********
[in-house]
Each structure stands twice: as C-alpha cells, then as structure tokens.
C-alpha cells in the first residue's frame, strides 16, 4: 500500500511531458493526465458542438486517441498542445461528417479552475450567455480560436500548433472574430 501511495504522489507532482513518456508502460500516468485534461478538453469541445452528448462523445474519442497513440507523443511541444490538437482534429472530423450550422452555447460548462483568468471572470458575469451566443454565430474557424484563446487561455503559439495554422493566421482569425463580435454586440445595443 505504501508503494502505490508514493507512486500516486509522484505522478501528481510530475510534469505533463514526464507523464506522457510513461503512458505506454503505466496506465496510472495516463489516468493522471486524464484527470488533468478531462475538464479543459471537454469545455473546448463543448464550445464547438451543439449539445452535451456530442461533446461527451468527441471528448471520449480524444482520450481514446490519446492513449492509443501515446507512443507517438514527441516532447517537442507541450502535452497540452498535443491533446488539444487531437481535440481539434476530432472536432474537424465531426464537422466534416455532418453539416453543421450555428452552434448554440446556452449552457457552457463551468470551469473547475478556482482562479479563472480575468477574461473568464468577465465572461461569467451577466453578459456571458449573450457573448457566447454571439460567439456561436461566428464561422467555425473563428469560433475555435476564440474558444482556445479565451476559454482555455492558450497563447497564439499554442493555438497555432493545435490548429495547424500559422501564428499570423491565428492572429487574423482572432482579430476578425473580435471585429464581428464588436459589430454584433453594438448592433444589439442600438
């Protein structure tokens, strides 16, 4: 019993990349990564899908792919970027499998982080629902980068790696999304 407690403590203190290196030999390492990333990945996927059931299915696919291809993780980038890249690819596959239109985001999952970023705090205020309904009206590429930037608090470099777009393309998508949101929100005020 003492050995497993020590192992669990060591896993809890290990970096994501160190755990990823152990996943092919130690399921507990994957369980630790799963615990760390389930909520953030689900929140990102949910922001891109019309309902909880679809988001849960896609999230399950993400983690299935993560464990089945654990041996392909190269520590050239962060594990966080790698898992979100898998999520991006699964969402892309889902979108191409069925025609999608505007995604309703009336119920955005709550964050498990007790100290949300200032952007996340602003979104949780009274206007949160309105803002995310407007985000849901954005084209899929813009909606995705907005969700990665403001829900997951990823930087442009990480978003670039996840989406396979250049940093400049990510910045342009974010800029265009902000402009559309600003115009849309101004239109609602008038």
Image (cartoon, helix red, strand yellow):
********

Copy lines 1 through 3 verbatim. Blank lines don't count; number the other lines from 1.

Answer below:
[in-house]
Each structure stands twice: as C-alpha cells, then as structure tokens.
C-alpha cells in the first residue's frame, strides 16, 4: 500500500511531458493526465458542438486517441498542445461528417479552475450567455480560436500548433472574430 501511495504522489507532482513518456508502460500516468485534461478538453469541445452528448462523445474519442497513440507523443511541444490538437482534429472530423450550422452555447460548462483568468471572470458575469451566443454565430474557424484563446487561455503559439495554422493566421482569425463580435454586440445595443 505504501508503494502505490508514493507512486500516486509522484505522478501528481510530475510534469505533463514526464507523464506522457510513461503512458505506454503505466496506465496510472495516463489516468493522471486524464484527470488533468478531462475538464479543459471537454469545455473546448463543448464550445464547438451543439449539445452535451456530442461533446461527451468527441471528448471520449480524444482520450481514446490519446492513449492509443501515446507512443507517438514527441516532447517537442507541450502535452497540452498535443491533446488539444487531437481535440481539434476530432472536432474537424465531426464537422466534416455532418453539416453543421450555428452552434448554440446556452449552457457552457463551468470551469473547475478556482482562479479563472480575468477574461473568464468577465465572461461569467451577466453578459456571458449573450457573448457566447454571439460567439456561436461566428464561422467555425473563428469560433475555435476564440474558444482556445479565451476559454482555455492558450497563447497564439499554442493555438497555432493545435490548429495547424500559422501564428499570423491565428492572429487574423482572432482579430476578425473580435471585429464581428464588436459589430454584433453594438448592433444589439442600438